Perhaps the largest Israeli army was in Deheishe, a refugee camp of 8,000 Palestinians just south of Bethlehem. After cutting off the camp earlier in the day, Israeli forces swept in at dusk, badly damaging a Palestinian cultural center, kindergarten and Internet facility at the entrance and moving into the camp's warren of tangled streets and alleyways.
There was little resistance. Most of the young men and armed militants had slipped away earlier, leaving mainly the camp's women, children and elderly residents in their homes when the Israeli troops raided. Just north of the camp, in the biblical town of Bethlehem, knots of Palestinian fighters congregated in the town center within a mile of Nativity Square.
After the attacks in Israel tonight, Israeli helicopter gunships fired missiles at a car belonging to a top militant in the Brigades. But the militant, Samer Awais, was not in the car at the time; his brother, Abdel Kareen, was, and he was killed. At least two other Palestinians were killed in Bethlehem refugee camps, including a 15-year-old girl, according to Palestinian hospital officials.
"What alternative do we have?" said Gideon Meir, an Israeli Foreign Ministry spokesman. "The war against terror is a long one. It's not over from one day to the other."
Meir, Olmert and other Israeli officials blamed European governments for the violence, insisting that the Palestinians had been encouraged by Europe's condemnation of the Israeli offensive against Palestinian towns and refugee camps.
"I'm very afraid this won't be the last time we meet in such circumstances there's no way to hermetically seal a city like Jerusalem," said Olmert.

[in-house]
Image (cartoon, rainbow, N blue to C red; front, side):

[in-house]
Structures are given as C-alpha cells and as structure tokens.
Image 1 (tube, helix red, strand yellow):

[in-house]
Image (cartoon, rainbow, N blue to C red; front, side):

It was the second straight week of Palestinian attacks on Israeli civilians on a Saturday evening, when the streets of Israeli cities are thronged with people marking the end of the Jewish Sabbath.
In Jerusalem, where there have been almost constant warnings of imminent terrorist attacks, many people continue to try to live some semblance of a normal life, including going out to restaurants and cafes. So the Moment cafe, a trendy place of blond wood furniture and tall seats at the bar, was thronged, with a long line of people at the door waiting to get in. That was where Hourani, the suicide bomber, triggered a thunderous explosion around 10:30 p.m.
"The force pushed us to floor," said Ran Yaacoby, an Israeli diplomat. "I grabbed a table and put it on top of us. I helped a woman to get out the window."
Ilan Gordon, the cafe owner, said he had only recently hired a security guard. "I said to pay attention, the important thing is that people should leave here healthy and whole," he told journalists, sobbing in front of the television cameras. "I don't know how I'll be able to look anyone in the face. I can't begin to describe to you how they looked, the bodies were torn apart and blown up and bleeding."
The shooting attack in Netanya had occurred only two and a half hours earlier, shortly after 8 p.m. A resort popular with Israeli tourists, Netanya sits on the Mediterranean just eight miles west of Tulkarm, on Israel's slender northern neck. It has been the target of at least six terrorist attacks in the last 17 months, and many others before the current Palestinian armed uprising.
Tonight, at least two Palestinian gunmen threw grenades and fired assault rifles into the lobbies of two adjacent hotels on a busy street lined with hotels, shops and cafes. Both were shot dead by Israeli police. At least one of the gunmen was dressed as an Israeli police officer, and in the initial mayhem it was unclear who was an assailant and whether there had been one or two other shooters who escaped.
At least two people were killed a woman and a baby and more than 40 injured, five of them seriously.
© 2002 The Washington Post Company